- Value-based care can bring together virtual care, infrastructure and analytics to help companies move to results-based treatment which strengthens incentives to choose optimal clinical results rather than just encouraging many more costly procedures.
A telling example of the perverse incentives inherent in the US healthcare system is the regulatory requirement that insurance firms must limit their margins to a maximum of 20 per cent. This may appear to be a rational strategy to reduce overcharging on premiums, but it leaves them free to charge up to 20 per cent on USD1,000, which can increase their charges year by year. This is in contrast to Oscar Health which owns the entire infrastructure of its healthcare system and can save customers large amounts by using its analytics capabilities to identify inflationary pressures and direct patients to doctors whose results do not inflate the costs inherent in the margin rule.
Changes in regulation can have favourable consequences for many aspects of digital health, particularly in Europe where they can be genuine catalysts for growth and change.
Emerging regulatory changes in Germany allow doctors to prescribe digital apps with health benefits that can be reimbursed through its health insurance system. Another reform has legalised remote medical treatments in Germany by lifting a ban on advertising them in 2019. The UK is also opening up new public/private partnerships with digital first providers, while its long-term healthcare plan will give patients the right to digital healthcare by 2023–24. Similar moves are extending the roll-out of nationwide-prescriptions in France and Germany.
Critics often say that regulatory changes which bring in new charges are rip-offs, but they should be seen as a response to the healthcare crisis which saves patients having to make lengthy and expensive trips to hospitals. They also provide incentives for doctors to adopt such practices and create fundamental changes that are incredibly important for healthcare innovation in the era of COVID-19.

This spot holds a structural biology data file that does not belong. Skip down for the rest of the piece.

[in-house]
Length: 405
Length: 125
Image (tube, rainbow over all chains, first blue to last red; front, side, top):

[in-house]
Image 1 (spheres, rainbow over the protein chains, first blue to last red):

There are important lessons that potential investors can learn from such developments. They must be prepared to make investments that look very different from traditional SaaS businesses by eliminating the underlying complexity and unpredictability of the healthcare system.
Finally, it is not enough to analyse the traction behind medical developments. It is important to view companies within the healthcare industry as part of a system which analyses regulatory tailwinds together with product development decisions, unit economics and go-to-market strategy. These need to be considered together in order to ensure alignment between the value proposition and the architecture of companies.
In drawing up these theses, we have spoken to many healthcare companies in the past few months. Using these interactions, we are hoping that new investments will accelerate the innovation necessary to satisfy the increasing demand for healthcare modernisation.